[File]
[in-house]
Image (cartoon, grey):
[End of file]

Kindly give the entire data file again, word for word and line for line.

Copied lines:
[in-house]
Image (cartoon, grey):